Habtoor Leighton Group's website Image Credit: Website

Dubai: The head of Habtoor Leighton Group (HLG), one of the leading diversified international contractors in the Middle East, has been arrested in Dubai.

HLG’s parent company, Australia-based Cimic Group (formerly known as Leighton Holdings), said in a statement to the Australian bourse on Thursday that “as a result of a complaint filed with police in Dubai, the CEO and MD of HLG, Jose Antonio Lopez-Monis, was arrested after market close on Wednesday.”

The group offered no information about the nature of the arrest, saying it would update the market when further information was available.

HLG, which is 45 per cent owned by Cimic, said in a statement that it is assisting Lopez-Monis.

When contacted by Gulf News, Al Habtoor Group said in an emailed statement: “As this is a Habtoor Leighton Group (HLG) related matter, and as HLG is a separate independent entity, please address any question related to HLG directly to its management.”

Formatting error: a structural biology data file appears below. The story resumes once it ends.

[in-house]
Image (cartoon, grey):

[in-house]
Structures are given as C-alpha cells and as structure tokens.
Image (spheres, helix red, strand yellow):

Cimic was not available for comment when contacted by Gulf News.

An HLG media communications spokesperson, meanwhile, said that the company had no comments regarding its chief’s arrest.

No relationship

Al Habtoor Group had launched a legal action against Cimic and the joint venture itself — HLG — in July this year, without stating the reason behind the same. Al Habtoor Group, said in a statement to the media in May this year that it has no relationship with Al Habtoor Leighton. “The Al Habtoor Group LLC officially announces that it has no relationship with the company Al Habtoor Leighton LLC, also known as Al Habtoor Leighton Group (HLG). The Al Habtoor Group LLC’s core focus is on hospitality, automotive and real estate sectors, as well as car rental and education,” the group stated. It further clarified that the construction company Al Habtoor Leighton LLC is “not its subsidiary and that Al Habtoor Group LLC has no role in the day to day operations of HLG.”

The partnership, which was struck in 2007, started to deteriorate soon after the global financial crisis in 2008 when some big projects started to go off the rails.